Tao Aimin’s feature in Look Magazine, Art Gallery of NSW


Poetic Washboard

The article ‘Poetic washboard’ by Yin Cao, AGNSW curator of Chinese art, is featured in Look magazine.


Poetic washboard

by Yin Cao


“…One girl serves two brothers,

I make tea for my brother-in-law.

You are the only one I can talk to.

I can imagine you will cry after reading my letter.”

– From Tao Aimin’s In an instant no. 9, 2011


Tao Aimin once described herself as ‘a rag and bone woman, going round with a notebook and a camera’. She has always been specific about what she picks up and collects, but she doesn’t sell her ‘treasures’. For Tao these treasures are washboards, and she has more than 1000 of them!

Tao used to collect wooden washboards from women living in rural areas of China. Unsurprisingly, she has often been asked why used washboards – such prosaic items in mundane life – are worth collecting. For Tao, each one is a vehicle to understanding women’s quotidian lives. She reads the flattened corrugations caused by repetitive rubbing as a special ‘language’ recording women’s life stories and revealing their virtues of kindness and resilience.

The very first washboard Tao collected was from a 93-year-old lady, Grandma Wang Shuqin. Born in 1911 Grandma Wang, who happened to be Tao’s landlady in an artist village near Beijing in the early 2000s, was part of the last generation of footbound women. Tao recorded Grandma Wang’s daily life in a video work entitled Lotus Fragments 2002–11, in which the hands of this fiercely-independent lady are shown scrubbing garments on her 30-year-old washboard. A similar video work titled Washing

in the river 2008, which entered the Art Gallery collection in 2023, shows four pairs of women’s hands conducting similar onerous chores. Tao explained: ‘This hard and repetitive work has its own musical sound, and yet the work is unseen. I recorded the hands from women at different ages. Young hands are replaced by old and gnarled hands. The river flows on.’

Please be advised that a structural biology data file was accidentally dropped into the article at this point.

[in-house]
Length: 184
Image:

River of women 2005 was Tao’s most well-known work shown in an exhibition in Beijing to commemorate the 200th anniversary of Danish author Hans Christian Andersen’s birth. Although Andersen’s fairy tales are widely read to children all over the world, very few know that his mother, Anne Marie Andersdatter, was an illiterate washerwoman. River of women is composed of 56 washboards, depicting portraits of women, each suspended in an orderly formation from floor to ceiling. Blue lights shone on white fabric underneath the washboards accompanied by background music of running water, evoking the feeling of standing next to a river, watching the women washing clothes, and gaining insight into their hardship. Jia Fangzhou, China’s leading art critic on female artists said, ‘Andersen would have been moved [by Tao’s work] if his spirit had seen it.’ In 2016, River of women was nominated as one of the ‘30 most influential installation works in 30 years’ of Chinese contemporary art.